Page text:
November 4, 1944 – Saturday

I retired at 8:30 p.m., foreseeing another bad night. At 9:30 p.m. the air raid signal was sounded followed by a raid, another at 11:30 p.m. which lasted one hour. At 1 a.m. as I lay awake in bed I heard someone knocking at the door on the street. I went to the window. There was a jeep in the street and an officer asked me if that was the place where General Valdes lived. I answered this is General Valdes The he said “I have important information to give you.” I went downstairs and he told me that G-2 had received information of a heavy air raid between 2 a.m. and 5 a.m. and for me to stay in a dug out or fox hole. I told the Losa family to stay in the dug out. Two Australian war correspondents, Private Marias and I went to the Capital building where the basement constitutes a good dug out. At 2 a.m. the Japanese dropped 500 pound bombs, fortunately no one was killed and only few were wounded including Lieuenant Katz C.I.C. a good friend of mine. Had lunch at the Officers Mess and later saw the huge crater just outside the house occupied by Colonel Finley, Head Quarters Commandant Advance Echelon.

November 3, 1944 – Friday

Quite a bad night. At 11 a.m. President Osmeña told me that he received reports that the guerillas were shooting and killing civilians in Tanauan and Burauen and asked me to investigate. I left at 1 p.m. Arrived at Dulag. Conferred with Colonel Nitz & Major Brooks G-2 XXIV Corps. They told me that the rumor was absurd & false. I called on Major General Hodge, the Commanding General, who asked me to see the men taken by the guerrillas in Tanauan & Burauen. They were kept in a enclosure at Dulag. I went and spoke to all the men and the two women. They all denied the rumor. I returned to Tacloban stopping at Tanauan where the acting Mayor also denied the rumor. I arrived at Tacloban at 7:30 p.m. I took a bath and retired early as I was very weary. At 10:30 p.m. I was awakened by an air raid, which was repeated three times until morning. Note: While I was taking a bath a 50 caliber bullet went through the partition.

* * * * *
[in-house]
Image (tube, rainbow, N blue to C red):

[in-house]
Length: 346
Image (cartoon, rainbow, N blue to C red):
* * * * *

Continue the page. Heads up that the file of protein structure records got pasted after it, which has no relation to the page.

November 2, 1944 – Thursday

A bad night. The Japanese took advantage of the beautiful moon to raid us several times. At 2 a.m. as I lay awake in bed I heard the peculiar noise of the bombs falling through space. I rushed out of bed grabbed my helmet and rushed to the staircase to go downstairs. While I was still at the top of the staircase, two explosions were heard about 300 yards from the house. One family of five was killed. The second bomb fell on the corner of a street nearby wounding a man in a nearby house.

October 29, 1944 — Sunday

I went to Mass at 7 a.m. and received Communion. At 9 a.m. left for Palo with Major Lambert 1st C.A.D., to inspect the post-office there. The town was full of soldiers, trucks, and tanks etc. The First Cavalry Division has a Squadron bivouac in Palo. The Church is being used as a hospital where army as well as civilian casualties are treated. Met Lew Ayers who is doing excellent work. Called on Bishop Manuel Mascariñas of Palo. He received me very cordially. He has accommodated civilian refugees in his convent and he himself at times sleeps in a chair.

October 24, 1944 — Tuesday

5:20 a.m. I woke up with the sound of two airplanes flying low over our house. I thought “It’s nice to have our planes patrolling”. A few seconds later I was startled by two explosions nearby. The concussion blew away my mosquito net. I jumped out of bed. I took a quick bath, as I was wet with perspiration, dressed and went to the place where the bombs had exploded. The first one fell over a nipa house killing the whole family who were asleep. A woman and six children. The husband was out working for the U.S. troops unloading. When he returned home he found his home destroyed and all his family killed. Poor man. The second bomb fell about 60 yards from the house occupied by the other members of the Presidential party. The President slept elsewhere. Some small shell fragments went through the house. About 20 yards from the explosion, a house occupied by the War Correspondents was badly hit by bomb fragments killing Mr. Hazel Bush Associated Press correspondent and mortally wounding Mr. Gunn of Texas. Two other War Correspondents had minor injuries.